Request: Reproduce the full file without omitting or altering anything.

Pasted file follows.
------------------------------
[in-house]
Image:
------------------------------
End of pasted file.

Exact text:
[in-house]
Image: